Enter I became hooked on its community based approach to weight loss and point system very quickly. I loved entering my food for the day and seeing the ticker land right between my designated calorie allowance. I loved watching the calories burned bar far surpass the calories consumed bar. I especially loved watching the slope of the line graph indicating weight steadily become steeper and steeper.

In about 1 month’s time I had lost 7 pounds. The depression was starting to lift, and I was feeling on top of the world. I was feeling like a somebody instead of a nobody. And then in a seemingly innocuous fall while playing tennis I broke the base of my 5th metatarsal (aka: a Jones fracture for all you medically minded people). The moment I heard the doctor say it was broken I knew my weight loss plans were over. The tides had been turned and I was bearing straight toward a sea of home alone binges, uncontrollable crying sessions and irrational, nearly suicidal thoughts.

It’s always been that way with me. The moment my plans are disrupted I can no longer stay on course. In effect, I do a complete 180. It’s my all or nothing mentality at its finest. And sitting on that cold, paper-lined hospital table I knew it all too well. I started to cry, not because my foot was broken, but because I knew that meant I was heading into a period of compulsive overeating, purging, and depression. And despite having complete awareness over what was happening, I had no control.

It’s been one month since that accident, my foot is still cast bound, and my follow-up appointment isn’t until September 6. I’ve completely abandoned my sparkpeople account, except for the rare occasion when I wake up committed to track for the day and make it through lunch. Those half days only make me feel bad when I look back over them…reminders of my failure. I’ve tried telling myself that this broken foot was a relapse intervention; it was some higher power’s way of telling me to cut it out. Or it could have been the universe’s way of showing me just how ill equipped I am at overcoming obstacles, how little drive and perseverance I have.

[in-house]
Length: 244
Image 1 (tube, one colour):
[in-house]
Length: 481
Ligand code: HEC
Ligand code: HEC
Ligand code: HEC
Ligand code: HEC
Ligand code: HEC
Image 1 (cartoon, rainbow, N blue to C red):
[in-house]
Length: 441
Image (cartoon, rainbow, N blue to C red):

Despite the cast, I still make it to the gym 3-4 times a week, my weight is “only” up about 2 pounds, and I’m managing to eat a more balanced diet than I normally would were I in a typical binge and purge period. I’m hoping once the cast comes off and I get the go ahead to apply weight I can flip the switch again and get back into tracking and out of this funk. I know I should hope for a future that isn’t centered around any extreme eating and exercise behavior, but frankly, I have a hard time imagining what that would look like.

Because it is the thing that makes me most miserable that I also need to find any joy at all.

October 2011 Update: I am completely managing all eating disorder behaviors and have taken this incident as an opportunity to deal with some of the latent emotions I have surrounding the “death” of my eating disorder.

“The only thing ugly about me, was you.” In need of some inspiration? Check out this video.

“You’re a failure, stupid, ugly, fat, useless….” I’ve been having to remind myself a lot lately that it is the lingering voice of my eating disorder telling me these hurtful and nasty comments, and that those statements do not come from within me. As I lay in bed at night pinching at my legs, calling myself fat and worthless, and committing to a calorie-free day tomorrow it is the eating disorder driving my behavior and not my own will. I continue to fight against the negativity and oppressive thoughts, but sometimes, it’s so much easier to give in and believe I am all those horrible things. When that starts to happen, when I see my resolve failing and my support crumbling around me, it’s videos like this one that give me the ability to stay strong a little longer. Keep fighting friends!